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There are two types of polymorphism:

1.
2.

Static or compile time polymorphism


Dynamic or runtime polymorphism

Static or Compile Time Polymorphism


In static polymorphism, the decision is made at compile time.

Which method is to be called is decided at compile-time only.


Method overloading is an example of this.
Compile time polymorphism is method overloading, where the compiler knows which
overloaded method it is going to call.

Method overloading is a concept where a class can have more than one method with the same
name and different parameters.

Method Overloading Example:


class Program
{
public static void Main()
{
ShowString();
ShowString("Category");
}
static void ShowString()
{
// Send default argument to overload.
ShowString("Popular");
}

static void ShowString(string value)


{
// We don't need an if check here, which makes
// ... calling this method directly faster.
Console.WriteLine(value);
}
}

Operator Overloading
You can redefine or overload most of the built-in operators available in C#. Thus a
programmer can use operators with user-defined types as well. Overloaded operators are
functions with special names the keyword operator followed by the symbol for the operator
being defined.
Operators

Description

+, -, !, ~, ++, --

These unary operators take one operand and


can be overloaded.

+, -, *, /, %

These binary operators take one operand and


can be overloaded.

==, !=, <, >, <=, >=

The comparison operators can be overloaded

&&, ||

The conditional logical operators cannot be


overloaded directly.

+=, -=, *=, /=, %=

The assignment operators cannot be


overloaded.

=, ., ?:, ->, new, is, sizeof, typeof

These operators cannot be overloaded.

An unary operator is an operator that operates on a single "argument"; like unary minus to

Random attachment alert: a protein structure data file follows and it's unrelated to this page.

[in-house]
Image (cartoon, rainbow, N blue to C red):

negate a number (-a), ++ to pre-post-increment a number ( a++) and so on...
A binary operator is an operator taking two arguments, like * (a*b), - (a-b)

class Widget
{
public int _value;
public static Widget operator +(Widget a, Widget b)
{
// Add two Widgets together.
// ... Add the two int values and return a new Widget.
Widget widget = new Widget();
widget._value = a._value + b._value;
return widget;
}
public static Widget operator ++(Widget w)
{
// Increment this widget.
w._value++;
return w;
}
}
class Program
{
static void Main()
{
// Increment widget twice.
Widget w = new Widget();
w++;
Console.WriteLine(w._value);
w++;
Console.WriteLine(w._value);
// Create another widget.
Widget g = new Widget();
g++;
Console.WriteLine(g._value);
// Add two widgets.
Widget t = w + g;
Console.WriteLine(t._value);
}
}

Dynamic or Runtime Polymorphism


Run-time polymorphism is achieved by method overriding.
Method overriding allows us to have methods in the base and derived classes with the same
name and the same parameters.
By runtime polymorphism, we can point to any derived class from the object of the base class at
runtime that shows the ability of runtime binding.
Through the reference variable of a base class, the determination of the method to be called is
based on the object being referred to by reference variable.

If override is not used, the base class method will be


called. If Override is used, the derived class method will be
called.
Overriding example:
namespace PolymorphismByManishAgrahari
{
class Program
{
public class Base
{
public virtual void Show()
{
Console.WriteLine("Show From Base Class.");
}
}
public class Derived : Base
{
public override void Show()
{
Console.WriteLine("Show From Derived Class.");
}
}
static void Main(string[] args)
{
Base objBase;
objBase = new Base();
objBase.Show();// Output ----> Show From Base Class.
objBase = new Derived();
objBase.Show();//Output--> Show From Derived Class.
Derived derived = new Derived();
derived.Show();//Output--> Show From Derived Class.
Console.ReadLine();
}
}
}

Without Override example:


namespace PolymorphismByManishAgrahari
{
class Program
{
public class Base
{
public virtual void Show()
{
Console.WriteLine("Show From Base Class.");
}
}
public class Derived : Base
{
Public void Show()

{
Console.WriteLine("Show From Derived Class.");
}
}

static void Main(string[] args)


{
Derived derived = new Derived();
derived.Show();//Output ----> Show From Base Class.
Console.ReadLine();
}
}
}